What a way to spend a few hours, down on the beach amongst the reflections, the soft sand, the colours, life and action. These places provide some fantastic opportunities to try out small-scale watercolour paintings, or even some sketching on location.
Drawing figures can be a lot of fun, especially when they’re moving about. Use a medium-sized watercolour brush such as a size 8 round or size 2 squirrel mop and draw with paint, quickly marking the shapes and movement without any preliminary pencil work. As soon as you lose your way, or the figure moves out of sight, switch to the next sketch and so on. If you want to keep things to a minimum, use a broad stick of charcoal to block the shapes. Quick drawing practice like this brings movement into your work, and this is especially important when working with figures.
For a general guide, start by drawing a line the height of the figure, and then divide it in two, as shown in my diagram (below). Next, divide the top half in two and then into two again. This gives you a rough proportion for the figure using the top eighth segment as the head, halfway for the waist with legs, continuing from the sides of the torso to the base of the line. If the figure is wearing baggy clothing the waistline may be covered but it is still halfway. The line diagram ensures that you keep to the correct proportions. When you become accustomed to the build of the figure you can do away with the measuring line. Begin by blocking in the torso and legs allowing colour to fuse and blend. The flesh tones can be added after using opaque colours.
When drawing figures, start with a proportion line then build the figure around this. You can cover the waist with larger clothing if necessary when you apply the paint.
Demonstration – On the Beach
Using a 6B pencil on Saunders Waterford 140lb (300gsm) paper, I began with a loose drawing to establish the main shapes and to place the figures. Using a size 6 mop brush I washed in weak cerulean blue at the top and added a little yellow ochre where the trees are. Lower down I loosely mixed yellow ochre and perylene violet on the paper for the sand and, in a couple of places, I added a streak of cerulean blue. I worked the wash around a couple of sails, which I left as white paper.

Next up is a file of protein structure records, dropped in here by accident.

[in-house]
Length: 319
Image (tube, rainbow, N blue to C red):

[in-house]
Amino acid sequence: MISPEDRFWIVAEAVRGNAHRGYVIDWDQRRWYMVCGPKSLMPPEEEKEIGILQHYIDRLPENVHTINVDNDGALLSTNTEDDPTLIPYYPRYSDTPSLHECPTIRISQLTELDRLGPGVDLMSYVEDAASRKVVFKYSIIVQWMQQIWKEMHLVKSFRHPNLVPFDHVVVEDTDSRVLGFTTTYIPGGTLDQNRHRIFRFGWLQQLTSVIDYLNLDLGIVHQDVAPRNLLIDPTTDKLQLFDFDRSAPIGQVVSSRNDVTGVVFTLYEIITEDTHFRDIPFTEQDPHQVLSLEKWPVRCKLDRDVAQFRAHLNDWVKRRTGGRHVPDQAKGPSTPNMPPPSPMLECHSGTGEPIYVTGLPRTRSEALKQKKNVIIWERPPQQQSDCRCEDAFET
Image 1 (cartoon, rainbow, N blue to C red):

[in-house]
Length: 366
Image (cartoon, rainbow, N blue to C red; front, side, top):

When the previous part was dry, I started to build the painting. At the top I worked the trees, mixing yellow ochre and viridian on the paper, and adding perylene violet in the dark areas. By working the shapes together in this way I eliminated hard edges, which helped to push the distance back. For the two main figures I worked in a rather sketchy way, using a size 8 sable round brush and variants of blue and violet so that I created a contrast with the warmer sand. For flesh tones I always use a thick mixture of Naples yellow and cadmium red. I worked the figures quickly so that colours and shapes blended together, and this helped to eliminate the need for details. With French ultramarine and cadmium red I added their cast shadows.
I added the remaining people in various poses. As they recede to the distance, I made sure to hold off using bright colour and detail. This is the part that brings the painting together and it is very dependent on the subject.
On the Beach, watercolour on Saunders Waterford 140lb (300gsm) Rough, (28x19cm).
Here, there was very little to add, just one or two highlights with permanent white gouache, a few drag brush lines to suggest texture in the sand and some further shadows and masts.
Paul Talbot-Greaves has been painting for over 20 years and teaches watercolour and acrylic painting in workshops and demonstrations to art societies throughout the Midlands and the north of England. He has received many accolades and was awarded The Artist Award and the Canson Award at Patchings Art Festival 2017.
This demonstration is taken from the September 2018 issue of The Artist
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